“100 Years Concert Series” Shares the Wealth

Pianist Wu Han joins UW Symphony at the Hamel Music Center

 

It was just last Thursday that pianist Wu Han was part of a Chamber Music Society of Lincoln Center performance at Shannon Hall, as part of the stunning array of artists who have come to town for the Wisconsin Union Theater’s “100 Years Concert Series.” Wu Han is co-artistic director of the CMS of Lincoln Center with her husband, the celebrated cellist David Finckel. The pair have also been part of the programming for this special season of the WUT. Saturday night a wonderful idea came to life: Wu Han was the soloist with the UW Symphony in Madison’s newest gem of a venue, the Mead Witter Foundation Concert Hall at the Hamel Music Center.

It was serendipitous timing for yours truly; it was my first experience in the new hall, and the first time I had heard the UW Symphony “on their own,” the other occasions being when smaller groups from the orchestra played for University Opera.

Conductor Oriol Sans (pictured above, courtesy of oriol-sans.com) is in his first season as director of the group, and he opened with recent music, the Suite No. 1 from Powder Her Face, an opera by Thomas Adès. The orchestra brashly and confidently attacked both the mixed meters of the three movements as well as the pitch-bending swoops. They treated it like a romp in the outer movements, and the sizable audience was happy to go along for the ride.

One can’t quantify to what degree Wu Han inspired to play “better,” but it seemed clear that there was an extra gear to the enthusiasm and execution of the players. There was no surprise in Wu Han’s execution; her soft sequences and range of touch on the Steinway are always wondrous. She was also, unsurprisingly, her usual gracious and ingratiating self: after three curtain calls, she spoke to the audience before her encore and the first thing she did was to say, “Aren’t these kids great?!” She admitted that she spent much of the afternoon trying to decide what encore to play, before hitting on the idea that since 2020 is the 250th anniversary of Beethoven’s birth, the Wisconsin Union Theater is in its 100th in presenting concerts — and the Hamel Music Center is not yet a year old — that she should play a pastiche of Beethoven themes with “Happy Birthday” woven into them. She did not mention the particular arranger (and it might have been her own), but by any authorship it was a hoot. Particularly amusing were the sections set to the “Pathetique” and “Moonlight” sonatas, and of course the great Symphony No. 5. Whether there is an ongoing relationship between Wu Han, Finckel and the Lincoln Center artists, we can only hope that they are back in Madison in the near future.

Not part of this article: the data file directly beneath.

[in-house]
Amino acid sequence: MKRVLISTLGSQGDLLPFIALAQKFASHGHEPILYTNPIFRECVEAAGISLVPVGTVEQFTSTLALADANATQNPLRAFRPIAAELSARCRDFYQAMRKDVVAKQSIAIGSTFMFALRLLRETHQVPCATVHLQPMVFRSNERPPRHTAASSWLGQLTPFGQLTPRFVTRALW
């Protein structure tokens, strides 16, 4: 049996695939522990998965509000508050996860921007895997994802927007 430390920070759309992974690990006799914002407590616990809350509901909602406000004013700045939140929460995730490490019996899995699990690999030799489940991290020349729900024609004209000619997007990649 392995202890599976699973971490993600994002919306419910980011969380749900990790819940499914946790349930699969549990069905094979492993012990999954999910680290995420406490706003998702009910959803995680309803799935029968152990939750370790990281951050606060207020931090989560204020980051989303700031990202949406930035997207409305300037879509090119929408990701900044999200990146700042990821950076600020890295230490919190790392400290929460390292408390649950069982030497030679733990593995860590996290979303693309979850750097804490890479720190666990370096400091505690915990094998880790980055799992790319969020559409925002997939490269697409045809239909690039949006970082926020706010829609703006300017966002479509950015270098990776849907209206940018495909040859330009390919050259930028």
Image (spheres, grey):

With Brahms’s Symphony No. 2 on the second half, we had a chance to get some additional insights into Oriol Sans and his young charges. The opening movement quickly revealed how strong and warm the strings are, and how exquisite the acoustics of the hall. Sans employed some interesting gestures that, while visually arresting, clearly worked for the orchestra. On one occasion he stopped beating with his right hand, and did a long, upward pulling gesture with his left. Later there was a brief stretch where he used neither hand, letting the music flow in a completely natural way.

The third movement is notable for its relationships between its two sections in rhythms and tempi, and Sans paced it perfectly, the orchestra navigating the shifts seamlessly. The finale was music of unflagging energy…leaving one looking forward to the next opportunity to hear this group (not to mention any reason to return the hall!).

Leave a Reply

Fill in your details below or click an icon to log in:

WordPress.com Logo

You are commenting using your WordPress.com account. Log Out /  Change )

Google photo

You are commenting using your Google account. Log Out /  Change )

Twitter picture

You are commenting using your Twitter account. Log Out /  Change )

Facebook photo

You are commenting using your Facebook account. Log Out /  Change )

Connecting to %s

This site uses Akismet to reduce spam. Learn how your comment data is processed.